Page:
Some challenges remain for this type of study. First, this study will take place mainly in tertiary level facilities in urban areas where access to healthcare is likely better than in rural areas. Results may therefore not be representative of the whole country. Second, the definition of an ICU and HDU may differ from country to country and even within a single healthcare system. For example, in some countries, the capacity to mechanically ventilate differentiates a PICU bed from a HDU bed, while in other countries, a PICU bed may be defined as a bed within a hospital area with a higher patient: nurse ratio. In 2017, the task force of The World Federation of Societies of Intensive and Critical Care Medicine proposed a global definition and stratified ICUs based on the intensity of care provided . For this study, we included both PICUs and HDUs according to the definition of the participating study sites, where the most severely ill children are usually admitted. To characterize differences between participating PICUs and HDUs, we will collect information on the capacity of care, such as the number of available ventilators and attending healthcare staff. Third, due to budgetary constraints, we are unable to extend RSV testing to the regular wards. We will therefore likely miss a proportion of potential study participants in case PICU and/or HDU beds are occupied and children with severe respiratory infection are admitted to the regular wards instead. We will make an effort in collecting information on the number of refusals to estimate the potential impact of this study limitation. Also, influenza testing is limited to 3 study sites. However, this study will provide insights into the characteristics of hospitalized children with severe RSV infection in LMICs including complete granular age distribution data which can be used for modelling studies on the impact of upcoming maternal vaccines and monoclonal antibodies against RSV. Fourth, for some study sites it may be difficult to calculate a catchment population due to the presence of other PICUs in the area. We will collect information on the number of other available PICUs and will adjust for this in our calculations. Based on preliminary data we estimate that 2–4 study sites will not have sufficient data to estimate the catchment population.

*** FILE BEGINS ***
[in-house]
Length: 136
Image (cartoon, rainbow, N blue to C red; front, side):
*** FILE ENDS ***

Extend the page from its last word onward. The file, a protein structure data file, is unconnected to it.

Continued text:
Finally, the SARS-CoV2 pandemic may affect the number of respiratory admissions, thus study results may not be representative of regular respiratory seasons in participating countries. Since the duration of the study is 2 years and most of the recruitment will take place in 2022, we do not expect this to be a major limitation.